The next batch of new cars acquired by CP were built by National Steel Car (NSC) of Hamilton, Ontario in late 1942, replacing cars that had been transferred to quartzite service (see above). Similar in overall size specifications to the previous 25’11” cars built by CC&F, interior bracing gave these cars a smooth sided appearance similar to the early pre-1920 22’5″ CC&F cars, but unique among the larger 25’11” cars.

While delivered many years before the Canadian Pacific “script” logo and paint scheme was debuted, the smooth sides lent themselves nicely to repainting with this lettering, and by the 1970s it seems most photos of these cars show them repainted in the 1960s script.

Series #Cars IL Builder Date Note
CP 376350-376499 150 25’11” 11/1942-1/1943 NSC

The 1956-1967 CCF/ECC Cars

CP 376231

CP 376231, built 1967 by Hawker-Siddeley Transportation. Jurgen Kleylein photo, late 1990s.

In the late 1950s, CP expanded their ore car fleet again, with orders in 1956 and 1957 to CC&F and Eastern Car Co. (ECC) of Trenton, NS for 2 virtually identical groups of 100 cars from each builder. Another 60 identical cars from Hawker-Siddeley Transportation (HST), ECC’s successor company, were added on in 1967. These groups of cars were numbered above and below the existing number series for the 1926-1942 cars.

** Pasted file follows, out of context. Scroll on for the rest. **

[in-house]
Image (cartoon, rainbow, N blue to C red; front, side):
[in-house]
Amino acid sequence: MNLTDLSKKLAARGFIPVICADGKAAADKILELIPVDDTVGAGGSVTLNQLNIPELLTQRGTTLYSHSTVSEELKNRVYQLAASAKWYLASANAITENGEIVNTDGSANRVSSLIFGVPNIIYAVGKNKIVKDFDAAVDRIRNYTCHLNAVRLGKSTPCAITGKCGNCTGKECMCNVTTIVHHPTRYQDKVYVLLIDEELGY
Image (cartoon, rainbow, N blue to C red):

These cars feature riveted body construction with heavier external bracing compared to older cars. The 1967 order would have been the first (and only) ore gondolas to be delivered in script lettering from the factory. The 1956-57 built cars would have been almost identical construction, but painted in the block lettering scheme.

Series #Cars IL Builder Date Note
CP 376190-376249 60 25’11” HST 8/1967
CP 376250-376349 100 25’11” ECC 10/1957
CP 376900-376999 100 25’11” CC&F 11/1956

The 1970 HST Cars

CP 375692

CP 375692 built in 1970 by Hawker-Siddeley. Jacques Richard photo.

CP’s last order of ore gondolas was this 200 car group built by Hawker-Siddeley in November 1970. While extremely similar to the previous cars built by ECC/HST, these are distinguished by being the only all-welded ore cars (the previous cars being of all riveted construction), and the only group of cars to be painted in the CP Rail “Action Red” paint scheme with the iconic “MultiMark”.